Sources, Distribution and Effects of Sediments

When a pond is first constructed, the owners are rarely thinking ahead to a time when dredging may be necessary to allow its continued survival. Sediment accumulation is, however, the principal reason that ponds "age" and disappear in this region (sometimes ponds are deliberately removed as a part of changing land use, or to restore stream habitat). Just how rapidly this aging takes place isn't completely understood, but depends on pond size, the presence or absence of stream inputs, and wise management of the watershed. This section considers the effects of sediment-induced aging

Ponds are typically distinguished from lakes primarily on the basis of their small area and shallow basins. Small size, unfortunately, means that there is less space to store sediments, and a greater portion of a pond becomes filled annually with sediment than is true of larger lakes. As a result, sediment control is an important, long-term management necessity.

Sediments arrive primarily via streams and overland runoff. The particles are mostly eroded constituents of soil, and their rate of movement toward ponds is accentuated by activities within the watershed that involve soil disturbance. Steep slopes, adjacent to the pond, result in greater sediment inputs. Land cover is also important. Woodlots typically allow less soil erosion, whereas tilled agricultural land often exports large amounts of soil to ponds.

The soil particles come in all sizes (e.g., sand, silt and clay), and may be organic (e.g., leaves) or inorganic. Toxic materials (e.g., metals) may in rare instances enter ponds as well. Upon arrival, most sediments settle to the bottom (ponds with unusually short hydraulic retention times [HRT = pond volume/ discharge at the outfall] rapidly convey water downstream, and may be less efficient at trapping sediments). Bigger particles (e.g., sand grains) settle out first, and it is typical to find sandier sediments near any inflows and in shallow water near shore. By contrast, very fine particles remain suspended in the water column for a longer period of time (and are easily resuspended during storms). The sediments in deeper water near the middle of the pond or nearer the outfall (standpipe or dam) are usually fine grained as a result. The presence of aquatic plants helps to reduce water movement, and thus accelerates the rate of sediment settling.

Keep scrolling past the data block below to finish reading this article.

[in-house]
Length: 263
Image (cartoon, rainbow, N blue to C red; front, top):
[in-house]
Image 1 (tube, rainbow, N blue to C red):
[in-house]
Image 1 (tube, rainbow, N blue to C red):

As sediments accumulate, the pond becomes progressively shallower, and the bottom is increasingly exposed to greater light intensity. This often allows aquatic plants to grow much more rapidly, and pond owners often take notice when submersed plants such as pondweeds start to become obvious at the surface. As stated in Section IV, moderate abundances of aquatic vegetation are a very healthy contribution to pond ecosystems. If plants become dominant throughout the pond, however, their presence can produce large fluctuations in oxygen (consumed at night in large part by the very plants that produced it during daylight hours). The kinds of plants, and the animals they support, can be expected to change over time as well. In effect, sediment accumulation is the principal cause of "ecological succession" in most ponds.

Sediments may also be important as a source of nutrients, especially phosphorus. Rooted plants rely on the P-rich sediments for most of their nutrition. Storms may also resuspend smaller sediment particles, which release some of their phosphorus directly to phytoplankton in the water column. Don‘t be surprised to see more plants and algae during wet summers.